As an Ancient Polynesian Astronomer I have dedicated my life to the discovery and teaching the knowledge of Ancient Polynesia. My research unearthed knowledge that covers all fields of Ancient Polynesian life, including but not limited to, the political, the scientific, the social, the archaeological, and the religious.
My research reveals the inter-relations of all these aspects of life in Ancient Polynesia. That is the religious knowledge is connected to the social, the political, the scientific etc. Every aspect of Ancient Polynesia inter-related. We use examples from the Kingdom of Tonga, to show some of the relationships.
The Sun Gate in Tonga, The Ha’amonga ‘o Maui, is much more than an ancient ruin. Yes, it was used for mapping the movement of the sun, for determining the seasons, and for determining the best times to make long seafaring voyages. Not only was I one of the early supporters of this knowledge, but I was doubted and refuted by many scholars of the Academia for decades. Now, this same Academia, is validating and accepting my research discoveries.
However, while they are only discovering what I already declared and shared decades ago as historical facts, I will share the vast impact that the Ha’amonga ‘o Maui had on Tongan culture and every day life. An impact that in many ways defined Tonga’s political, scientific, archaeological, and religious structure.
The Ha’amonga ‘o Maui structure in Tonga is positioned in a specific manner and direction that aligns with the movements of the Sun. The important questions to ask is How? and Why? was the Ha’monga built. The only attempt to answer the “How” focuses primarily on the construction method of building the Ha’amonga, and the “Why” is mainly discussing details that I discovered very early in my research regarding the Ha’amonga assisting in determining seasons/movement of the sun.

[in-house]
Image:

Some of the deeper “How” the Ha’amonga was built in regards to ancient polynesian astronomy and “Why” it was built in the first place is what we will discuss in this article. The articles we will provide in the future will go into other aspects of Tongan society that reflects the Ha’amonga’s knowledge and impact on Tongan and Polynesian Society. This article will focus on the ancient ruin (Ha’amonga ‘o Maui) and its relation to Ancient Polynesian/Tongan scientific knowledge, astronomy, and navigation.
The Ha’amonga ‘o Maui is a duplication of the heavens. That is, that the Ha’amonga is a physical representation of a constellation in the heavens. A constellation that serves as the navigational compass of Maui the ancient navigator. This constellation is int he exact form and design of the Ancient Tongan Ha’amonga ruin.
Where is this Ha’amonga ‘o Maui in the heavens?
The Ha’amonga in the sky is found in the constellation Orion. The four points of orion that constitute the Ha’amonga in the sky are the feet and shoulders of Orion.